Communities That Care (CTC) Grant Expands IPRC's Prevention Efforts
- Published on February 01, 2011
The Indiana Prevention Resource Center recently began the administration of a Communities That Care (CTC) contract funded by the Indiana Department of Mental Health and Addiction (DMHA) by way of the federal governments SAMHSA division. The grant was awarded to prevention coalitions in 14 Indiana counties. One grantee county is located in each of Indianas 14 Defined Service Areas (DSAs). CTC builds on the SPF (Strategic Prevention Framework) model, a data driven process for selecting, implementing and evaluating evidence based prevention strategies.
The CTC model is a community-based process of identifying and addressing risk and protective factors within specific communities. It then works to reduce those risk factors and strengthen protective factors through data-driven, evidence-based strategies. The IPRC is implementing CTC over a 1-2 year period through a multi-phase process which began with several IPRC-coordinated training sessions for DSA program directors. In turn, those DSA officials act as trainers to the individual CTC communities throughout the state.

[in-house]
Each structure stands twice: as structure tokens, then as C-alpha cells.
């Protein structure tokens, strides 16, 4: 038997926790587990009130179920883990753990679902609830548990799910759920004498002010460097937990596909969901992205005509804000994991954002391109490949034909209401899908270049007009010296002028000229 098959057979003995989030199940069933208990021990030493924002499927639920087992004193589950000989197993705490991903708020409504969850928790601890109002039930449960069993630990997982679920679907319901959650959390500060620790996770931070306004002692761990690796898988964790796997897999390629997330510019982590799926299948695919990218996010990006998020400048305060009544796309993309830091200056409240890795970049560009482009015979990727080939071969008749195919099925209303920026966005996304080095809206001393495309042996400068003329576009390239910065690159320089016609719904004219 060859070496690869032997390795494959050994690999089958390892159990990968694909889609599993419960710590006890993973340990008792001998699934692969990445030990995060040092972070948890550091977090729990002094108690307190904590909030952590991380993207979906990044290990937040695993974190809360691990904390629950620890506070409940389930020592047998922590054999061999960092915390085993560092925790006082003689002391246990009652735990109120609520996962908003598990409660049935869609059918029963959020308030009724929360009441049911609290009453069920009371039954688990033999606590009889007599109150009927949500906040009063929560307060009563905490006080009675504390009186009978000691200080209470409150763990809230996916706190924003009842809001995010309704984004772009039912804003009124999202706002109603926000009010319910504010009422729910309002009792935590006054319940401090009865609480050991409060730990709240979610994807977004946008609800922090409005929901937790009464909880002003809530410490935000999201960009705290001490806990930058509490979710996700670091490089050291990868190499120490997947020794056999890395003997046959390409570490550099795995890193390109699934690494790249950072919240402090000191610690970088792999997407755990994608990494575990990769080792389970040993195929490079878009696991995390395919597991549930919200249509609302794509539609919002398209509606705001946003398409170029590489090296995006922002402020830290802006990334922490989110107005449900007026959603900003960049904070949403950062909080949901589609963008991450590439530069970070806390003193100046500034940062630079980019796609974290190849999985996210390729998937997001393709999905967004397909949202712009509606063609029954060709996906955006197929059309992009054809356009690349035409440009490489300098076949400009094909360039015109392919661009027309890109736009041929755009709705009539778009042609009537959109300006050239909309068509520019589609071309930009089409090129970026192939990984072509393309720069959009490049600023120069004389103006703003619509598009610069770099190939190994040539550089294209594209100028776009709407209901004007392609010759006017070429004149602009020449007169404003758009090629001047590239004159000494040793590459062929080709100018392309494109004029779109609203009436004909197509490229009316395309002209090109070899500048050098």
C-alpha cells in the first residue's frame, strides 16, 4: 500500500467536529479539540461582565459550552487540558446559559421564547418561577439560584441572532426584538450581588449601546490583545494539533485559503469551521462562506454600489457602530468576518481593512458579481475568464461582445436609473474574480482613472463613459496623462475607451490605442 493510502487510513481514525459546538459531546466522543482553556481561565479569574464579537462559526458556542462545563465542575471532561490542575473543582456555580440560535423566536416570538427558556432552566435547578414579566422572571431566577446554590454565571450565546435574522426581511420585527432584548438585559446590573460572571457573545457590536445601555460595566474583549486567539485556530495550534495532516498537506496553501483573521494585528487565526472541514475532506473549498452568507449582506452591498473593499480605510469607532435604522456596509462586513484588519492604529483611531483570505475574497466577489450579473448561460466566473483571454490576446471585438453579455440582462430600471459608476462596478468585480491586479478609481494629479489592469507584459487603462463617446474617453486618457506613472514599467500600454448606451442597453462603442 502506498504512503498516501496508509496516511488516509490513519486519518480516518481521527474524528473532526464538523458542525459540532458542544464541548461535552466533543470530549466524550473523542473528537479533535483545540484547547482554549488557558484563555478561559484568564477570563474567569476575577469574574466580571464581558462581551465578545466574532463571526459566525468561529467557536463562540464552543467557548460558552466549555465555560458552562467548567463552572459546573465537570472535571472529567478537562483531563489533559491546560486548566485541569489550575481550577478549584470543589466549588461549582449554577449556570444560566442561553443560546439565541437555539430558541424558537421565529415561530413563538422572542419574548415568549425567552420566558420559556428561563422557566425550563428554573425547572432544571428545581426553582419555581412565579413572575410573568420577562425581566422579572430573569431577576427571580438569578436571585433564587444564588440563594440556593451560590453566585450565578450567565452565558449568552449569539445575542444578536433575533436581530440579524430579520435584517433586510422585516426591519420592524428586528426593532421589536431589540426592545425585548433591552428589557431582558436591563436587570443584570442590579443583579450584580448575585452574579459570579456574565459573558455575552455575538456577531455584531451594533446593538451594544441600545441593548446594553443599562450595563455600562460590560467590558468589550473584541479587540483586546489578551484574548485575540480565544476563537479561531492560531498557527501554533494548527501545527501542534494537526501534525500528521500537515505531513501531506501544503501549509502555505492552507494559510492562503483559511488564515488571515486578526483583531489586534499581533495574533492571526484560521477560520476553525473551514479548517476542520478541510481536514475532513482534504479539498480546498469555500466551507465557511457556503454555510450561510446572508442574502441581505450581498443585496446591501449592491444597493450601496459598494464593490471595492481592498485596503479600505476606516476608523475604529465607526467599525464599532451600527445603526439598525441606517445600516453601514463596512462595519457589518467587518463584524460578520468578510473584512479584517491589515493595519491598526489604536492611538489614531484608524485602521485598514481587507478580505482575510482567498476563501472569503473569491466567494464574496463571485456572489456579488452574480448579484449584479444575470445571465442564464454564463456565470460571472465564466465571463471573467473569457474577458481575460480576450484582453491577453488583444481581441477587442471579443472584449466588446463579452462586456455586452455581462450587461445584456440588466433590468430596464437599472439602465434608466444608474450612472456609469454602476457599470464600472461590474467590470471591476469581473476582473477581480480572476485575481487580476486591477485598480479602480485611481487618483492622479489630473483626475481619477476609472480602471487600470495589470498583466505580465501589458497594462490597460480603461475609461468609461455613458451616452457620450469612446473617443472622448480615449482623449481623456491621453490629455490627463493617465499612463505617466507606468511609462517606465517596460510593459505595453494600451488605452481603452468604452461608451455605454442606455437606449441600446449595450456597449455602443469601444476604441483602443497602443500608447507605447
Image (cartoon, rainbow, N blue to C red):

The CTC process begins with a community needs assessment which serves to identify the extent of each communitys priority substance abuse problems and related mental health disorders. The next step is to identify the risk and protective factors associated with the substance abuse and prepare a community assessment that targets local assets and resources. This analysis also helps to identify current capacity and gaps in services. Armed with this information, each community is enabled to determine its level of readiness to act and where it can best focus specific prevention efforts.
The strength of CTC lies in its ability to identify and target specific areas most amenable to change at a local level and then effect positive change through the implementation of targeted, evidence-based programs. In addition, CTC focuses heavily on coalition-building and capacity building, which is meant to increase the long term sustainability of those efforts.